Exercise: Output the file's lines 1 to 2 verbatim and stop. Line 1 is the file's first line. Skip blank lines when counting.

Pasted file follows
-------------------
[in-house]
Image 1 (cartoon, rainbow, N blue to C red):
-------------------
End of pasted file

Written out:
[in-house]
Image 1 (cartoon, rainbow, N blue to C red):